We’ve all heard about “laughing gas.” But what is nitrous oxide, really – and how does it work? When is it a good choice for oral surgery anesthesia?
Nitrous oxide is colorless, smells sweet, and goes down easy – without irritation. It’s a breathable gas. And it has beneficial effects for pain relief during surgery.
That’s why nitrous oxide has been the main sedative in the dental profession for generations. It’s safe. Before and during surgery, you are given a mix of 50-70% oxygen and no less than 30% nitrous oxide through a breathing apparatus. You can still breathe under your own power and keep control of your bodily functions.
One commonly noted effect of nitrous oxide is mild amnesia. Until the effects wear off, you may wake without remembering much of what has taken place.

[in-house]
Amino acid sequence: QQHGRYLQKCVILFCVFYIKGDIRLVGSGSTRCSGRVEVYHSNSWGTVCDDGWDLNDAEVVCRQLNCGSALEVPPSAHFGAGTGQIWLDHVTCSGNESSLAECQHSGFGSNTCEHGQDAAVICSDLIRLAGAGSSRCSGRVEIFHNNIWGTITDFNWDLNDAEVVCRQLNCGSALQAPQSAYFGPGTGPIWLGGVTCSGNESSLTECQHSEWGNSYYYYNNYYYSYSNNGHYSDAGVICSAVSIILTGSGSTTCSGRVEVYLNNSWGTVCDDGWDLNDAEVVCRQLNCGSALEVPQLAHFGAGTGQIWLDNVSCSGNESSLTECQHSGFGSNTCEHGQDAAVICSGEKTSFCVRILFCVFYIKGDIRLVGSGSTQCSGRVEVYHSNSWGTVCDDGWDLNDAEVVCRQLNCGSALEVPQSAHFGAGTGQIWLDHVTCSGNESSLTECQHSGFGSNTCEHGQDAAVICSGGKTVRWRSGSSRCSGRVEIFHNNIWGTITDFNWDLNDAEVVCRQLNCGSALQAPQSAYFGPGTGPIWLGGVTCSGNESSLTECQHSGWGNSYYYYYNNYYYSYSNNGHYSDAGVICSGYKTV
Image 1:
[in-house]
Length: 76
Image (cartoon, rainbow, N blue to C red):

Nitrous Oxide Advantages
- The amount of sedation can be changed at any point during surgery to increase or decrease pain relief and tranquility
- No “hangover” – you experience no negative effects after the nitrous oxide wears off
- It’s safe and causes no side effects to your heart and lungs
- Inhalation sedation minimizes gagging very effectively
- It works quickly, reaching relaxation and pain-killing levels within 2-3 minutes
Reasons to Avoid Nitrous Oxide
There are few reasons to avoid nitrous oxide, though you may choose to avoid it if you suffer from emphysema, rare chest problems, muscular sclerosis, or have a cold, allergies, or other breathing difficulties.
If you’re concerned, please feel free to ask your oral surgeon for a quick, 5-minute test to gauge your response to the nitrous oxide during your office visit.